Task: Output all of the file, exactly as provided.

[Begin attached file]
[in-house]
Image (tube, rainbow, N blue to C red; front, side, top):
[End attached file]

[in-house]
Image (tube, rainbow, N blue to C red; front, side, top):